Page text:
In business, when any solution is contemplated, the process involves analyzing the current state of the art, identifying and critically reviewing the weaknesses and places where improvement can be made, and finally, offering a potentially better solution.
History shows anyone who will look that in the 46 years since the Act’s passage to protect the wild horses and burros in America, the advocacy, as it is, has not achieved what is needed. We are missing a final holistic solution acceptable to a majority of all stakeholders that works for the livestock industry, and also saves wild horses and burros from mismanagement and the resulting atrocities witnessed over the few past decades.
It seems with that documented history leading to where we are today with wild horses in America facing slaughter, advocates would embrace any solution that offered hope for the horses and burros? Shockingly and sadly, there are some non-profit activists and their supporters who are more about the fight and process than a final positive result.
Solution to Save American Wild Horses and Provide Adequate Livestock Grazing
A proven, natural method for managing America’s wild horses that is cash-positive for taxpayers exists.
A family band of native wild horses symbiotically grazed-in a fire-break and reduced wildfire fuels, protecting a remote old-growth wilderness forest. Photo courtesy William E. Simpson II
The solution is called the Natural Wildfire Abatement And Forest Protection Plan (aka: Wild Horse Fire Brigade).
The Wild Horse Fire Brigade plan basically works by rewilding currently confined wild horses and humanely relocating wild horses as family bands from areas where they are in conflict with livestock interests, and into economically and ecologically appropriate wilderness areas. In these areas, the wild horses symbiotically reduce critical levels of wildfire fuels and in the process reseed native species flora, which benefits the plants and coevolved fauna that depend on them..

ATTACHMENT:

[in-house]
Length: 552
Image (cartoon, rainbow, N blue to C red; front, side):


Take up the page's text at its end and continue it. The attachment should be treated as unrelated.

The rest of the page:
A family of wild horses cleaning wildfire fuels off the floor of a remote wilderness forest. Photo courtesy William E. Simpson II
One adult wild horse eats about 30-35 pounds of dry grass and brush daily. If, for instance, 40,000 horses were released into carefully selected wilderness areas that do not conflict with grazing permits, those areas would have less ground fuel (grasses and brush). The horse herd through grazing could consume and therefore abate 1.2 million pounds of fuels daily.
Wild horses can traverse the most rugged terrain and symbiotically reduce wildfire fuels in such areas. Photo: courtesy William E. Simpson II
Less fuel means less fire. >Less fire means less fire suppression and lower related costs. While the essence of the Wild Horse Fire Brigade is described above, it is explained further this article, “Fighting wildfires with wild horses – an untapped equine fire brigade“.
In the Pagosa Daily Press article, I discuss a most interesting connection that I stumbled upon when studying the decline of deer populations in western states in relation to the increase in catastrophic wildfires. The decline of large-bodied herbivores and resulting evolution of catastrophic wildfire is presented in a peer-reviewed published study by Dr. William J. Ripple (et. al.), professor of forestry, Oregon State University, titled, “Collapse of the world’s largest herbivores”: